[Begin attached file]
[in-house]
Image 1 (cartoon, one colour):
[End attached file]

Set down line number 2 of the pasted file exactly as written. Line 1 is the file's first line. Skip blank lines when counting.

Image 1 (cartoon, one colour):